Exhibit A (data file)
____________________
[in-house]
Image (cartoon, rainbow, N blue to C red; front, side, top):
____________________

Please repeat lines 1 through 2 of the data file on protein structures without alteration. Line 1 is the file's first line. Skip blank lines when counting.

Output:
[in-house]
Image (cartoon, rainbow, N blue to C red; front, side, top):